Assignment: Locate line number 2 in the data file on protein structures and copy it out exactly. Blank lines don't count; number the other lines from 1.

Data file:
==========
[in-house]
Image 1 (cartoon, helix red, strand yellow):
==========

Image 1 (cartoon, helix red, strand yellow):